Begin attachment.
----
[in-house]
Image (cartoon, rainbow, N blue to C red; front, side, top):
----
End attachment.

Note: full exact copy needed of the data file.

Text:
[in-house]
Image (cartoon, rainbow, N blue to C red; front, side, top):